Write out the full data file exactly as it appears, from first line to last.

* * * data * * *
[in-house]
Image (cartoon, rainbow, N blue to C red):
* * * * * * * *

[in-house]
Image (cartoon, rainbow, N blue to C red):